A few leaf-peeping tips: Plan ahead, avoid illegal parking and don’t carve up the trees

A branch filled with golden aspen leaves frames an autumn scene on Rabbit Ears Pass on Sept. 28, 2022.
John F. Russell/Steamboat Pilot & Today

Colorado’s “leaf-peeping” season has begun as patches of color are beginning to paint trees across the state.

As a result, Colorado Parks and Wildlife is encouraging state park visitors to help protect the natural resources while enjoying them.

Know before you go

The fall season can be busy at Colorado state parks, and parking lots can fill up fast. If a parking area is full, people should move on to the next designated parking area and follow instructions given by park rangers.

Park rangers can issue parking tickets to people who park illegally or block traffic. CPW also recommends having a backup plan if your desired trailhead, park or location is crowded or closed.

Use CPW’s Park Finder Tool to see a Colorado state parks map. To learn more about outdoor activities at Colorado state parks, visit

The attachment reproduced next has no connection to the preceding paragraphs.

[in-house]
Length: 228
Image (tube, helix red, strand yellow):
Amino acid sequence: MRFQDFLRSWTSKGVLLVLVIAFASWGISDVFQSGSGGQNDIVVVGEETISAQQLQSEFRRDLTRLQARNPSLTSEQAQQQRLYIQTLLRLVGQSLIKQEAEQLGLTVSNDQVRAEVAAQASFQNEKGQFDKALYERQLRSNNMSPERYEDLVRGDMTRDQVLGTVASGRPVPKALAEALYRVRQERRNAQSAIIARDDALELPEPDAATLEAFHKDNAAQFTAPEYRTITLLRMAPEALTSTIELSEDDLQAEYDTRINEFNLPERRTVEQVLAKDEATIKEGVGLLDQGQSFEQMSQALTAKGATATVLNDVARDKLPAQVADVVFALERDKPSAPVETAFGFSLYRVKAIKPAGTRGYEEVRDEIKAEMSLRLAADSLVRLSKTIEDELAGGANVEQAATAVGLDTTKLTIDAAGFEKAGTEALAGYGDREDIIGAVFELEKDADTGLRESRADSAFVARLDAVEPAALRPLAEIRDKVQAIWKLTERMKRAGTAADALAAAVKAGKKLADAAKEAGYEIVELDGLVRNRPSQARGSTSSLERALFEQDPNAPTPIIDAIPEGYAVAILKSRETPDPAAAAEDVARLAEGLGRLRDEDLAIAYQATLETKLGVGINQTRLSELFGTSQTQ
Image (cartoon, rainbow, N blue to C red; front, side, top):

Stick to trails

Shortcuts can be tempting, but staying on the path will decrease your risk of injury and protect trailside plants and local wildlife, according to CPW. People can also download the COTREX app to discover Colorado’s extensive network of trails.

Leave it as you find it

Parking in designated areas is critical because undesignated parking can destroy vegetation, ignite wildfires in dry grass and block first-responder vehicles in case of an emergency. Also, people can help keep the trees thriving by not carving into them or pulling down branches that may kill or disfigure them.

Keep wildlife wild

Many species call Colorado home, making it a great destination for wildlife watching on state park trails. Protect yourself and your loved ones from potential wildlife conflicts by watching wild animals from a safe distance to avoid startling or forcing them to flee.

People should also keep dogs leashed when enjoying dog-friendly trails and put waste bags in a trash can. Do not hang waste on trees or put waste bags in toilets.

Do not feed or approach young wildlife and be bear aware on trails. If you see wildlife that appears sick or injured, leave it alone. Call a Colorado Parks and Wildlife office and consult a trained wildlife officer for guidance.

“We want everyone to have a great time experiencing the vibrant colors and the natural wonders our beautiful state has to offer,” said Todd Farrow, park manager at Golden Gate Canyon State Park. “No matter where you plan to explore this fall, please respect our natural resources, park staff, volunteers and fellow recreationists out searching for Colorado gold.”

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